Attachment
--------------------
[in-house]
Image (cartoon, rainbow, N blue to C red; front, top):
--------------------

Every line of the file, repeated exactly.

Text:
[in-house]
Image (cartoon, rainbow, N blue to C red; front, top):